"Thanks, Lisa. Sometimes I go stir crazy counting the cars not driving by.
I think the most important question remains: Did any official attending opening night as La Mesa's ambassador at least get an autographed ball for their efforts?
"It's fair to say that there are good arguments on both sides of this question. And while it would be easy to make the cheap shot that whenever government takes a day off, liberty wins, that is not my style.
Nor would it behoove the La Mesa…"
Your comments the LMT are spot on! I watched the meeting last night from the comfort of my living room-but did not play any drinking games! To watch the mayor attempt to snooker the others into voting to have the city manager sign the PBID agreement was expected. To watch Ernie not take the bait and stand firm was refreshing.
Keep up the good work on the PBID issue. While I am not directly affected I do have a few concerns.
1. Make sure whatever money the city would normally spend in the area continues to be spent in the area if the PBID passes. You don't want to just tax yourself more for the same level of service you had before.
2. You just know the wankers in Sacramento are well aware of the fact they can continue to take ever more local money for their use as long as local groups will "step up" and tax themselves to fill the void left by those state thieves. A vicious cycle that locals seem to play right into the hands of state officials. Hang on because state officials are laying the groundwork to allow a local personal and business income tax scheme in the not too distant future.
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Over 50 percent of Americans expect home prices to rise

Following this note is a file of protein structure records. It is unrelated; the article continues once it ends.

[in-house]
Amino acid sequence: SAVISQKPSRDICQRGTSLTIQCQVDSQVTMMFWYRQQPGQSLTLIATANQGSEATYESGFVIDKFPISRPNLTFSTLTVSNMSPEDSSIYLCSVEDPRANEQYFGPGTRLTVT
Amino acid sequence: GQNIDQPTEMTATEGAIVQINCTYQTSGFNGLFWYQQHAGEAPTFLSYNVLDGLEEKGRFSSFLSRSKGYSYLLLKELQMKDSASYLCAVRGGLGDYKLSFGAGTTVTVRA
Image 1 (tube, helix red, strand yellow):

More than half of Americans now expect the country’s home prices to climb within the next year, illustrating a growing optimism toward the health of the housing industry, according to new data from Fannie Mae. Read the full story.
Los Angeles Times
Some homes are slow to sell even in the hottest markets
With full-fledged sellers’ markets underway in dozens of metropolitan areas around the country, new research has found curious statistical patterns emerging: Even in cities where listings get multiple offers within days or hours, significant numbers of homes are sitting on the market for six months, 12 months, or more with no takers. Among the reasons: Mispricing, excessive restrictions on access to buyers and agents, failure to clean or make repairs, and a variety of other marketing bungles. Read the full story.
The Wall Street Journal Principal forgiveness could reduce costs for taxpayers
Allowing Fannie Mae and Freddie Mac to reduce loan balances for borrowers who owe more than their homes are worth could ultimately reduce mortgage defaults and save the government money, according to a report by the Congressional Budget Office. Read the full story.